Credit: HashiCorp Vault GitLab integration: why and how?

Step 0: Create Gitlab project/repo

As you we will see in the step-by-step instructions below, you need to create a Gitlab repo/project first. The project_id generated by Gitlab (screenshot below) for the repo will be used to instruct Vault as to which secrets that project has access too.

Step 1: Configure Vault and secrets

This may sound intuitive but to access secrets they must first exist in Vault. Therefore, a user must first create a Vault secrets path and place all the necessary secrets for a project there. Next, a Vault policy must be created to grant permissions to these secrets.

As you scan see in the screenshot below the policy allows reading and listing of the secrets stored at the following path: secrets/gitlab/project_1. Lastly, this policy must be attached to a Vault role that specifies an auth mechanism (JWT) and a bound claim (more on this later) that can access those secrets defined in the attached policy.

Step 2a: Setup Gitlab pipeline

Next, we need to configure a Gitlab CI/CD pipeline using a .gitlab-ci.yml config. First, this file is defined in the project repo. While this config can come in many shapes and sizes the basic outline will look like the screenshot below. The config starts by defining the Vault address, Vault secret path, and the Vault role in the variable section. When the CI/CD pipeline is triggered Gitlab will generate a JWT that is passed to the pipeline as the following environment variable CI_JOB_JWT.

In the sections to follow, I will do a deeper dive into various aspects of this config. However, at a high-level, this config starts by requesting a Vault token from Vault. Next, if the request is successful, a Vault token is returned, which the Gitlab runner can use to request secrets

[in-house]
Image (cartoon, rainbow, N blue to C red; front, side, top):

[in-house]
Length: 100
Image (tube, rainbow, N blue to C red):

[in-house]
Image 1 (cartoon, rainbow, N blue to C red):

Step 2b: Generate JWT

As I stated in the previous section when the CI/CD pipeline is triggered a JWT is generated. Let’s take a look at this JSON document to see how it is composed. Typically, a Gitlab JWT will include information about the the Gitlab server, the user excuting the pipeline job, Gitlab project ID, Vault secret path, and Gitlab job details. The screenshot below shows an example JWT payload that is generated and sent to Vault.

Step 3 and 4: Authenticate to Vault + Vault verify JWT

In this section, I am going to combine step 3 (Authenticate to Vault) and step 4 (Vault verify JWT) into one section. When Vault receives a JWT payload from Gitlab with a request for secrets it needs to verify the JWT. In the step-by-step instructions below, we will enable JWT auth on Vault which requires a bounder_issuer and a JKWS endpoint to be supplied. The bound_issuer is typically set to Gitlab’s FQDN to instruct Vault “who” can use this auth method and a URL to the JKWS endpoint to instruct Vault “how” to verify the JWT. Therefore, when Vault receives a JWT request it will ensure that the requestor has been approved to use this auth method and can verify the creator of the JWT.

To verify a JWT, Vault extracts the the bound_issuer/iss field which is typically the FQDN of Gitlab from the JWT payload. Next, Vault does a lookup on the extracted field to get the JWKS endpoint for that bound_issuer. Using the JKWS endpoint, Vault verifies the signed JWT payload to ensure that Gitlab was the creator of the request.